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Chime, the largest digital bank in America, was fined $3.25 million by the Consumer Financial Protection Bureau (CFPB) for long delays in issuing refunds to customers whose accounts were closed. The San Francisco-based fintech, which partners with Bancorp Bank and Stride Bank, must also pay $1.3 million in compensation to affected customers. The CFPB found that Chime took longer than 90 days to issue refund checks in thousands of instances, causing financial hardship for customers who rely on their accounts for day-to-day expenses.

The consent order requires Chime to develop a comprehensive compliance plan to ensure that its post-closure refund practices comply with consumer protection laws. Customers who waited more than 14 days for a refund check after their accounts were closed will receive compensation, with those who had $10 or less in their accounts receiving $25 and those with more than $10 receiving at least $150. Chime must also provide a progress report to the CFPB in a year and will be under the consent order for five years.

Chime attributed the delays in issuing refunds to a configuration error with a third-party vendor during 2020 and 2021. The company stated that it believes timely handling of customer matters is critical, even during the challenges of the pandemic. During the pandemic, Chime experienced a surge in new customers, leading to an increase in fraud. To combat fraud, Chime closed numerous accounts, including those of legitimate customers. Complaints to the CFPB about wrongly closed Chime accounts peaked in the first half of 2023, but the rate of closing accounts due to fraud has decreased by more than 50% since 2021.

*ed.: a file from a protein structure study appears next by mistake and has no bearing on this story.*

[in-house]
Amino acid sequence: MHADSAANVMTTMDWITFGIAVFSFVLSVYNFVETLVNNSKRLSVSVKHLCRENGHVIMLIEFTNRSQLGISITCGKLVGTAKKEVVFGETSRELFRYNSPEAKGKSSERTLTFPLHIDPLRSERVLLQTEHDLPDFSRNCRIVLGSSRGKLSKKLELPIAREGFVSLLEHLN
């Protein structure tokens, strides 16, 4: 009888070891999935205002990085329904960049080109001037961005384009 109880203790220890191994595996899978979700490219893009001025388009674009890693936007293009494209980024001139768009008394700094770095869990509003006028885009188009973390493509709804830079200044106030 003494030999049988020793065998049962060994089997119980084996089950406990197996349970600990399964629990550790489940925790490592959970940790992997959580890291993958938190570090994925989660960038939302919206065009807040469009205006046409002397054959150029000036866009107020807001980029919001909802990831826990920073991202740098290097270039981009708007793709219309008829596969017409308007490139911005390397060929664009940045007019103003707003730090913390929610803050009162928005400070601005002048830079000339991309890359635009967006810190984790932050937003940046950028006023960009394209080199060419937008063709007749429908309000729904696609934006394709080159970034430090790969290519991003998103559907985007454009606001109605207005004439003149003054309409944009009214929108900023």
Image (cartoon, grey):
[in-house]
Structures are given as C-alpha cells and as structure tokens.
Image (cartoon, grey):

In addition to the CFPB settlement, Chime also reached a $2.5 million settlement with the California Department of Financial Protection and Innovation (DFPI) regarding its responsiveness to customer complaints between January 2021 and March 2021. Chime claims to have proactively improved its processes to address the issues identified by the DFPI and is pleased to have resolved the matter. The DFPI settlement and the CFPB fine are part of Chime’s efforts to address issues related to customer complaints, account closures, and refund delays.

Overall, Chime’s recent regulatory settlements highlight the challenges faced by fintechs as they navigate an increasingly regulated industry. As digital banks like Chime attract more customers and grow their customer base, issues related to fraud, account closures, and refund delays are likely to continue. Companies like Chime must prioritize compliance with consumer protection laws and develop robust processes to address customer complaints and ensure timely refunds to avoid future regulatory actions and maintain trust with their customers.

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